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USDA: 97 percent of farms are family-owned o About 97 percent of U.S. farms are family-owned, according to the U.S. Department of Agriculture. USDA defines a family farm as any farm where the majority of the business is owned by the operator and ...

USDA: 97 percent of farms are family-owned

• About 97 percent of U.S. farms are family-owned, according to the U.S. Department of Agriculture. USDA defines a family farm as any farm where the majority of the business is owned by the operator and individuals related to the operator, including through blood, marriage or adoption, says Hubert Hamer, director of the statistics division for USDA's National Agricultural Statistics Service. He cites five key facts on the topic from the 2012 Census of Agriculture Farm Typology report: 2.1 million of the nation's farms are family-owned; 88 percent of all U.S. farms are "small" family farms, meaning gross cash farm income is less than $350,00o per year; 58 percent of direct farm sales to consumers come from small family farms; 95 percent of vegetables and 66 percent of dairy sales come from the 3 percent of farms that are "large or very large" family farms, with more than $1 million in gross cash farm income; and 18 percent of principal operators of family farms in the U.S. started in the past 10 years.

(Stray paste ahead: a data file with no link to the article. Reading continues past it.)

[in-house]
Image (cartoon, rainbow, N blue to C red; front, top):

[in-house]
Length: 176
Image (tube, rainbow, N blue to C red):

Romania gets approval to export pork to China

• BUCHAREST, Romania -- European Union member Romania, has gained approval to export frozen pork to the Chinese market, the agriculture ministry says. "China's decision to import pork from Romania is a great achievement for our economy ... today we can talk about a concrete step towards durable develoopment of our farming sector," minister Daniel Constantin says. Smithfield Romania SA, a unit of U.S. group Smithfield Foods Inc. has an official letter from Chinese authorities regarding approval for its registration in the Asian state, he adds.

Cattle, goats killed in Minnesota barn fire